Anger consumed him quickly but vanished with the squirrel. Casey’s anger had an urgent purity. Unlike any human I’d known, he didn’t hold grudges. He wouldn’t ruminate on what he could have done to that squirrel if not for me, the spoilsport clutching the leash.
Casey and I walked together as a biped and a quadruped, an aging woman and a young dog, a second-guesser and a creature of impulse. One who cleaned up, one who drooled on the floor. One who compared recipes for roasted Brussels sprouts, one who had to be restrained from licking barf off the sidewalk.
It was our differences that held my attention, rather than the shared pleasure of the outing. Casey had his world, I had mine, and therefore I didn’t think of him and me as “us.” But before long I found myself speaking of the places I shared with Casey—our places, mine and his. The mural where I posed him for a shot, the park where we made friends with a juggler practising his moves.
I was beginning to understand who we would be to each other. We were Us now, and it was enough. The unlikeliness of our comfort together magnified the joy of it. As long as squirrels roamed the streets and parks of Toronto, there would be passing bursts of anger that didn’t change a thing. What we had, as a woman and a dog, underscored the miracle of any two fallible beings, committed to opposing points of view, planting the stake in the ground that is Us.
Paul will be Paul, Rona will be Rona. In the beginning came a you, a me. One who slept late, and one who equated purpose with rising early. One who left the marriage when our son, Ben, was a toddler, saying, “I never loved you” (me, exhausted by my young marriage and younger child), and one who said, “It’s not over. Let’s try again.” One who knew what things should be, and one who didn’t get it (actually, that would be both of us). From differences and disappointments, we created Us. And as Us, we brought Casey home.
Us-ness, once you’ve found it, can accommodate a fair bit of tension. Some days I couldn’t stop Casey from charging at squirrels number one through 17, but he calmed down by squirrel 99. With a multitude of squirrels about, we always had another chance. I arrived at a grudging respect for the squirrels, who would stare Casey down with what looked to my human eyes like amusement.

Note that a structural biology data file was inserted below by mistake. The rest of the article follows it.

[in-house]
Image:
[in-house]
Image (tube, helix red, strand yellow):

Squirrel by squirrel, day by day, we started to find our groove. We sometimes walked entire blocks without incident, Casey’s tags clinking in time with my steps and his leash vibrating gently in my hand, now that I’d learned not to grip it. He knew every variation on our route. If I didn’t pick his favourite, he would tug, as if to ask, “You’re sure about this?” I was sure. A slight disagreement on the route was no big deal for a simpatico pair like us.
A Master of the Art of Sleeping
We were ripping through our value pack of poop bags. Casey was remarkably productive, often filling several bags in a single walk. I didn’t mind, though. Scooping gave me a chance to do one thing right every day. And the humble task literally grounded me.
It forced me to tend the cracked and mottled sidewalk, the sodden leaves at the edge of a walking trail. It was a bondage I shared with all dog folk who care enough to do the right thing. The woman bending from her wheelchair with practised caution, the elderly walker favouring a bad knee. The young parents exclaiming, as their toddler scooped for the family dachshund, “That’s it! Good girl!”
When I started walking Casey it was early spring, when receding snow exposed a winter’s worth of blackened excrement in every park. It clumped at the rims of hedges and dotted the sidewalks, a desiccated record of human can’t-be-botheredness. So many scoffaws about, making me a target for those who hold dogs in contempt. Some people hate dogs for jumping, others for disturbing the peace with their barking. What unites them all is their loathing of poop.
I’d just disposed of Casey’s first of the day when someone approached us with an open Clive Cussler novel in his hand and headphones blasting cacophony into his ears. As he passed, he yelled over his shoulder, “I hope it’s not your dog who just left his business on the sidewalk! It’s a pox on the city!”
The last time I’d heard the word “pox” used in the Shakespearean sense, I was trying to ace an English course. Full points to Mr. Multi-task for literary air, but his logic stung. He didn’t turn his head when I called, “Not us!”
Us. Any scorn directed at Casey is really directed at me. When you get down to basics, I was scooping because I loved him. I hoped my fellow humans would look benevolently on him, or at least not disdain him. Every time I bent for Casey, I proved that Yeats was right: “Love has pitched his mansion in/ The place of excrement.”
I no longer missed walking with Paul. Walking with a dog had distinct advantages. If Casey took any notice of my mood after a rough night’s sleep, he showed no interest in what this meant for him or when I might snap out of it. He still sauntered beside me, ears sliding back to catch a rustle in the grass no human could detect.